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Contraceptive options have never been greater for women and men with more than a dozen options available – there is something to suit most people. When contraception is used correctly and consistently it is very effective in preventing crisis pregnancy and sexually transmitted infections – most methods available are 99 per cent effective. The most common form of contraception used by people are condoms and the contraceptive pill. Other methods, such as contraceptive patches, rings and implants have become more popular in recent years. They offer more effective protection as you do not have to remember to take them every day. More young women are choosing these methods. They are medium term (once a week – up to three years) and are easily reversible. Older women are increasingly likely to choose longer acting methods of contraception such as the coil/IUD. We know from research that although the up-front costs of long acting methods are more expensive, use of these methods by women in the long

term are more cost effective than other methods, such as condoms and the pill. However, medium or long term methods of contraception do not provide protection from sexually transmitted infections. Sometimes things don’t go as planned so if your contraceptive method failed, or has not been used, emergency contraception can be used to avoid a crisis pregnancy. There are different emergency contraception choices for different situations; depending on how long it has been since you had unprotected sex and when you had your last period. Emergency contraception is more effective the sooner you take it after having unprotected sex. Ask a pharmacist for a private consultation or talk to a GP or Family Planning Clinic about the best option for you. Remember, if you have had unprotected sex you may be at risk of getting a sexually transmitted infection (STI). Condoms are the only method of contraception that protect against most STIs. STIs are infections that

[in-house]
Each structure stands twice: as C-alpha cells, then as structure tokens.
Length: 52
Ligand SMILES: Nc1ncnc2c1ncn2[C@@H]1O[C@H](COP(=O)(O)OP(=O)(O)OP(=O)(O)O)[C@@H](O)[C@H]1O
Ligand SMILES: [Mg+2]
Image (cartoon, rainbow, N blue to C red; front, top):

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are passed on from an infected partner(s) during unprotected sex. They are caused by specific bacteria and viruses. There are many different STIs – some are more common than others e.g. Chlamydia. Most can be cured with medication. It is good sexual health practice to get an STI check regularly. A GP, Family Planning Clinic, STI clinic or GUM clinic can carry out STI screening. Visit thinkcontraception.ie for a list of STI clinics in Ireland. If you would like to know more about the contraceptive options available to you, talk to a doctor or Family Planning Clinic. During your consultation with the doctor he/she will take you through all options to help you find the best contraceptive method for you.

www.thinkcontraception.ie

provides information on contraception choices, sexually transmitted infections (STIs) and reproductive health in a clear and user-friendly manner YOUR FREE COPY


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CONTRACEPTION CHOICES FEATURE

There are a number of leaflets that can help you make your decision. To order a copy of any of the leaflets outlined below visit healthpromotion.ie. Think

Contraception

leaflet provides information on fertility, various types of contraception, including emergency contraception and how to put on a condom correctly and STI screening.

Your Guide to Emergency Contraception leaflet provides

Contraception 35-55 leaflet outlines contraceptive methods for those in the older age group, information on fertility, menstrual cycle changes and perimenopause.

information on the different forms of emergency contraception available.

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The Gathering: